Uncle Sam isn't the only one tracking you online

The headlines recently have focused on NSA programs to monitor and collect data on online activities, but Uncle Sam isn't the only one playing "Big Brother".

Unless you've been living a Luddite existence "off the grid" in a cabin in the Rockies for the past few months, you're probably aware that there have been a number of revelations about just how much monitoring the NSA is doing of US citizens in the name of "national security". Leaks about NSA intelligence-gathering programs have sparked intense debate about the conflicts between individual and social liberties, and protecting the nation from potential attack--and that is a healthy debate that we, as a people, should engage in regularly just to keep things in check. Meanwhile, though, our data and online activities are also being tracked and monitored by private companies, and not to defend against terrorism.

Most of us choose to engage with various online sites, services, and social networks. Each one of those has a unique perspective on our online behavior, and an ability to track and monitor our activity--at least as it relates to that specific site or service. The thing is, there isn't anything illegal or insidious about it. You approved the activity when you agreed to the privacy policy as a condition for registering and using the site.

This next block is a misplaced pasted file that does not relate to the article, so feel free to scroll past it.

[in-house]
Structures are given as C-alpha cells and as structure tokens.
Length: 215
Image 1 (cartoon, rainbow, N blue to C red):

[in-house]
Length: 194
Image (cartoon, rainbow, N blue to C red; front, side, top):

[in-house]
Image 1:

You read the privacy policy before you clicked and accepted the terms, right? Of course you did...not. Who does that, anyway? According to data from Baynote--a provider of personalized customer experience tools--the privacy policies of Google, Apple, Amazon, and Yahoo are all between 2,000 and 3,000 words, and Facebook's privacy policy is the War and Peace of privacy policies at nearly 10,000 words. 

Click here to view the full Baynote infographic titled: Big Brother is a Technology Company.

Does that make these companies evil? Not necessarily. When you share information, it provides Google, Facebook, Amazon, and others with important data they can use to identify patterns in usage and behavior. The more data they have, the better they can scale their data centers, and optimize their servers to handle the demand. The more data they have about you personally, the more they can tailor the ads that are served to you, and cater the online experience to uniquely fit your interests, and the way you use the Internet.

You need to be aware of how your data is being used, and companies should be open and transparent about what data is being gathered and how it's being used. You should have the ability to opt out, or security configurations that allow you to exercise some control over your data--so don't let your guard down. Protecting your own privacy and personal data can be a full-time job, and it becomes even more complicated when Yahoo buys Tumblr, and Facebook buys Instagram and suddenly your data is being shared, merged, and integrated in new ways you hadn't considered. 

Next time you think about government monitoring activities, and whether or not those actions infringe on your privacy, though, you might want to consider the fact that you've probably already willingly shared far more information, with far more companies than you're consciously aware of. Truth be told, for many people there isn't much left that "Big Brother" needs to spy on, because the information is already available to the general public. 

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